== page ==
The view table_privileges identifies all privileges granted on tables or views to a currently enabled role or by a currently enabled role. There is one row for each combination of table, grantor, and grantee.
Table 34-49. table_privileges Columns
|grantor||sql_identifier||Name of the role that granted the privilege|
|grantee||sql_identifier||Name of the role that the privilege was granted to|
|table_catalog||sql_identifier||Name of the database that contains the table (always the current database)|
|table_schema||sql_identifier||Name of the schema that contains the table|
|table_name||sql_identifier||Name of the table|
|privilege_type||character_data||Type of the privilege: SELECT, INSERT, UPDATE, DELETE, TRUNCATE, REFERENCES, or TRIGGER|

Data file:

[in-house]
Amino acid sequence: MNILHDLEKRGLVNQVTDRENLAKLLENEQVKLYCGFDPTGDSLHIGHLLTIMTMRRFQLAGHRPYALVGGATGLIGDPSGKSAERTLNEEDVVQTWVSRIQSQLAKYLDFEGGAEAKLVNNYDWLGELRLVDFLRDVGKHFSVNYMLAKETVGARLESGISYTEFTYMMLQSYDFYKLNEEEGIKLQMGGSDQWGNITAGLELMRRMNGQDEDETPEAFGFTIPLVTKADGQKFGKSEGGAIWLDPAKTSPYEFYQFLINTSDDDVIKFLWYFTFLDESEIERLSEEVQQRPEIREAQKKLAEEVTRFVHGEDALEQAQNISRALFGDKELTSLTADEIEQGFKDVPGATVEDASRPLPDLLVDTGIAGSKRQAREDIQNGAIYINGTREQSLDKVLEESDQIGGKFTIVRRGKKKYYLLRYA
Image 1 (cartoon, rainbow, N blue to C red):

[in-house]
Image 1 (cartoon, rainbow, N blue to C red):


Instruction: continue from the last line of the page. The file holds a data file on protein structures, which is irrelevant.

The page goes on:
|is_grantable||yes_or_no||YES if the privilege is grantable, NO if not|
|with_hierarchy||yes_or_no||In the SQL standard, WITH HIERARCHY OPTION is a separate (sub-)privilege allowing certain operations on table inheritance hierarchies. In PostgreSQL, this is included in the SELECT privilege, so this column shows YES if the privilege is SELECT, else NO.|
Please use this form to add your own comments regarding your experience with particular features of PostgreSQL, clarifications of the documentation, or hints for other users. Please note, this is not a support forum, and your IP address will be logged. If you have a question or need help, please see the faq, try a mailing list, or join us on IRC. Note that submissions containing URLs or other keywords commonly found in 'spam' comments may be silently discarded. Please contact the webmaster if you think this is happening to you in error.
Proceed to the comment form.